No entry is foolproof, and many successful traders are wrong over half the time. Good exits aid capital preservation when you are wrong, and maximize profits when you are right.
The nature of your trading strategy should always be considered when thinking of exits; there are no universally successful exits. Small profit targets tend to work well in short-term countertrend strategies. For long-term trend trading, where capturing the occasional long trend is critical, wide trailing stops tend to perform better.
Continuing from our trend following CCI entry, we will now develop suitable exits for the hourly GBPJPY. A maximum of two exits will be applied, each with one optimizable parameter.
- Number of trades – Needed for statistical significance
- Expectancy – Can transaction costs be covered?
- Maximum drawdown – Needed for capital allocation
Exit Selection Testing
Let’s get straight to it.
Most traders usually exit the market using one or more of the following exits:
- Catastrophic stop losses
- Trailing stops
- Time stops
- Profit targets
In a reversal strategy, the exit of a long trade is also the entry point of a short trade. Reversal strategies seem to be viewed unfavourably in general, perhaps due to their simplicity.
I find that they perform surprisingly well for trend following strategies, which usually don’t use much trade management. It makes sense to simply ride the trend until it reverses.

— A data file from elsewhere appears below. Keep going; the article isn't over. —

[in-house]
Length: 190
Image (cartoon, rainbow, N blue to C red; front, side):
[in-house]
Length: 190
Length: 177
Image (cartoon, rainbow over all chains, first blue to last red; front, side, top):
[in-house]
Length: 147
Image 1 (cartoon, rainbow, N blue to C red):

Since we backtested reversal trend strategies during entry selection, the reversal exit will be used as the initial baseline.
The remaining exits above will now be tested. If they improve the baseline performance, they will be added to the strategy.
2. Catastrophic Stop Losses
In general, I only add a trading rule if it benefits the trading solution. However, I do have a strong preference for using a catastrophic stop loss in my strategies.
This stop loss takes you out of the market when your open loss hits your maximum allowable amount, or when you determine that the premise behind the entry has been invalidated. An optimally placed stop caps the losses on the big losers, while still giving your trades sufficient breathing space.
Stop losses are primarily for risk control. Net profit and expectancy usually decrease marginally, but many traders feel that the peace of mind of having a stop more than compensates for this.
Even with a stop loss in place, you may end up losing more than your predetermined trade risk. During times of exceptional volatility (for example the 2015 EURCHF crash), prices may gap through your stop, causing significant slippage.
Some brokers offer ‘guaranteed stops’, at a premium of course. You can consider those if marets are going wild. Or better yet, stay out of the markets completely.